Data will be collected from the responses of the patients, families, and caregivers. All the data collected will be stored in a computer system that will be protected with a password to restrict unauthorized access. The collected data will be organized to show the population of study, the methods of data collection, the results, and areas that need further research in the future. In addition, because this research aims at improving the psychosocial scores and diabetic control by completing a psycho-educational therapy, I will publish my results in a medical journal to ensure my results are disseminated in a way that will be accessed by as many people as possible.
This is a convenience study, and therefore, a qualitative research design will be followed. First, it will include participant observation that will help me to understand the familiarity of the population study. I will apply a complete participation to ensure that I will be fully integrated with the participants to encourage their participation. This research will include the care givers such as the nurses and doctors. Therefore, an in-depth interview will be practical to collect explicit data that will help to complete the research.
After data is collected, statistical tests will be used to evaluate any variables of the participants in the psycho-education group. This is a group that is designed to help the children to manage their emotions, and develop coping skills that will lead to better management of their condition. In this case, the Glyco Mark (1, 5-AG) and pediatric symptom checklist scores will be used as dependent variables. On the one hand, Glyco Mark is a valid score that will help to measure how well the participants are managing their diabetic conditions (McGill et al, 2004). It reflects when the glycemia levels are above the threshold over the preceding 1-2 weeks. For instance, when the glucose levels rises above 180 mg/dl, 1, 5-AG will be excreted in the urine at higher levels to reduce the amount in the blood (McGill et al, 2004). On the other hand, the validity of the pediatric symptom checklist lies in its ability to show how much of the coping skills those children have internalized, and their ability to cope. In this way, it measures whether the child has psychosocial problems (Stoppelbein et al, 2005). It is determined by using the responses of the participants depending on the words they use to answer questions. These are words such as never, sometimes, and often.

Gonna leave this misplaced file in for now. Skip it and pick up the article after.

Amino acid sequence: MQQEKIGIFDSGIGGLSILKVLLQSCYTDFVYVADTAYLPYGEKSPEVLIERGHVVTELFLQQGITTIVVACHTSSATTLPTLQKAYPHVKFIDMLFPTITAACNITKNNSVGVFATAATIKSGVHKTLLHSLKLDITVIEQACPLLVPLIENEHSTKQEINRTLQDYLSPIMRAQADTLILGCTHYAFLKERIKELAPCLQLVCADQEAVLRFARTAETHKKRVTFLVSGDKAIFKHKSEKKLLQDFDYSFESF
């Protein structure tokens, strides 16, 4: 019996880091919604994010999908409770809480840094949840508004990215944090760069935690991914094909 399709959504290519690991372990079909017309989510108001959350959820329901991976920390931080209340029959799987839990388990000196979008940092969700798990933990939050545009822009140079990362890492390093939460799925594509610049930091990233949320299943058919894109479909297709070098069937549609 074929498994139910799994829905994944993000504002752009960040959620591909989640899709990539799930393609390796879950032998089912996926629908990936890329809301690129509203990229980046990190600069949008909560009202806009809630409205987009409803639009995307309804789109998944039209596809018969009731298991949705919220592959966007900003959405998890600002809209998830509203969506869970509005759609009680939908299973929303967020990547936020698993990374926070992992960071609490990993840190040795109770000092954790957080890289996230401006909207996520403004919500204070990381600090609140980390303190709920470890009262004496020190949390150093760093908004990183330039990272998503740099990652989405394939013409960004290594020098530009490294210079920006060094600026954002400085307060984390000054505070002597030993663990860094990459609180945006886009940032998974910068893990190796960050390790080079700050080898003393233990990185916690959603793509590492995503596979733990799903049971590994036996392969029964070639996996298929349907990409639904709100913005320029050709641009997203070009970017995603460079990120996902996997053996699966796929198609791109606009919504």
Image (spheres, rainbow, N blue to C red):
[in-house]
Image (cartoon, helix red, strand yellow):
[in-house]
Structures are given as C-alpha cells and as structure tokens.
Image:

- McGill, J. B., Cole, T. G., Nowatzke, W., Houghton, S., Ammirati, E. B., Gautille, T., & Sarno, M. J. (2004). Circulating 1, 5-anhydroglucitol levels in adult patients with diabetes reflect longitudinal changes of glycemia: a US trial of the GlycoMark assay. Diabetes Care, 27(8), 1859-1865.
- Park, H. M. (2009). Comparing Group Means: T-tests and One-way ANOVA using Stata, SAS, R, and SPSS.
- Stoppelbein, L., Greening, L., Jordan, S. S., Elkin, T. D., Moll, G., & Pullen, J. (2005). Factor analysis of the Pediatric Symptom Checklist with a chronically ill pediatric population. Journal of Developmental & Behavioral Pediatrics, 26(5), 349-355.